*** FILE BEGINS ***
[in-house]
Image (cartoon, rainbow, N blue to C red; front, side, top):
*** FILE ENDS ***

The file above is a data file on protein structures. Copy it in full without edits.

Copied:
[in-house]
Image (cartoon, rainbow, N blue to C red; front, side, top):